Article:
Frederick N. Mattis, Banning Weapons of Mass Destruction (Praeger, 2009)
George Perkovich and James M. Acton, Abolishing Nuclear Weapons:A Debate (Carnegie Endowment, 2009)
In the spring of 1963 I had the pleasure of briefly joining with more than 100,000 others on the Aldermaston March from London, part of the Ban the Bomb Movement. We had wisdom and moral righteousness on our side, though officials called us fringe lunatics, or dupes of the enemy, at that time the USSR. For innocents like myself, it was a simple matter: the Bomb was too obscene to exist, so it should be banned. That reality has not changed over the last half century. Over the years officialdom kept raising the ante of nuclear terror until Mutual Assured Destruction, MAD, coupled with Launch on Warning, became the official logic of both sides in the Cold War, and continues, in practice, even today. That such a nuclear exchange would probably destroy civilization (and possibly all human life) did not seem to weigh heavily on the warring strategists.
Despite the inertia of strategists, there has been change. Some state officials have come to realize that the monopoly on terror held by the USA, Britain, France, the USSR, China, and (unacknowledged by the West), Israel, is now slowly but inevitably ending; upstarts like India, Pakistan, North Korea, Iran, are getting into the act. Every industrialized country can get into the nuclear terror game. Some of this potential for super terror will inevitably fall under the control of non-state activists – people we call terrorists – who might do a Hiroshima on London, New York, Moscow, or Beijing. The balance of terror is getting out of balance.
Henry Kissenger, George Shultz, William Perry, Sam Nunn, Air Force General Lee Butler, and 61 other retired military professionals in the US and others in Great Britain, have spoken out collectively about the need to take a new approach to controlling nuclear proliferation. The Non-Proliferation Treaty (NPT) of 1970 has failed to stop the spread of nuclear weapons. Western powers acquiesce to the open secret of Israel’s unacknowledged nuclear weapons, and the established nuclear states fail to uphold their end of the central bargain of the NPT, their promise that they would begin to reduce, and eventually to eliminate their nuclear weapons in return for the rest of the world’s states refraining from developing their own nuclear weapons.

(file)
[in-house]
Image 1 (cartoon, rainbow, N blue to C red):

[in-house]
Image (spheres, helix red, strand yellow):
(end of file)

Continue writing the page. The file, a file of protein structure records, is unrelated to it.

Courageously, President Obama, has followed up on his surprising election promise, and has committed himself to putting the nuclear genie back into the bottle. I say ‘courageously’ because that commitment sets him apart from the conventional big nuclear power thinking that has dominated debate since Hiroshima. The old logic went, if you have enough of the terror weapons, and if you have them on appropriate high alert, you need not give a damn about what minor powers think. Obama has faced the new reality that the old wisdom is flawed, that the new reality requires the old nuclear powers to reduce and eliminate their terror arsenals in return for a fair Nuclear Non-Proliferation Agreement. British Prime Minister Gordon Brown is onside, another first at the official level. The existing NPT is so faded that counties could not find common ground for terms of its renewal at its last meeting.
Two serious books on the subject of banning the bomb have been published in the past 12 months: Banning Weapons of Mass Destruction, by Frederick N. Mattis, and Abolishing Nuclear Weapons, by George Perkovich and James M. Acton. These authors do not waste time railing, as we did on the road to Aldermaston, against the obscenity of these terror weapons; they take the obscenity for granted.
Their focus is on what must be done to enable the nations of the world to bring the nuclear threat to heel. They do a fine job, the best of intellectual analysis of a complex situation. They are on the right side, and I can only say God bless them and give them perseverance.
But the challenges to these noble objectives are daunting. They emphasize the inherent logic of national states regarding their interests and security. No nation is likely to consciously act against its conceived self-interest, and only a Nuclear Ban Treaty that serves that self-interest has any chance of gaining universal acceptance. More ephemeral or transient political positions are generally not dealt with, except to acknowledge that local political situations might scuttle the possibility of a treaty.
None of the authors suggest that a comprehensive, binding non-nuclear treaty is likely. Their mission is to set out their roadmaps of the requirements for achieving that objective when the political will (around the globe) is there.
Life seemed simpler when carrying a Ban the Bomb banner from London. Over the years, the obscene weapons of terror have proliferated and the problems of their elimination have grown proportionately. One can only hope that Obama’s vision of a nuclear free world will inspire idealists and hard-nosed realists to take seriously the need to bring an end to this madness. These two rather technical books are a part of the new thinking that just may make that old dream possible.
Reviewed by Ron Shirtliff, an editor at Peace and a retired professor at Ryerson.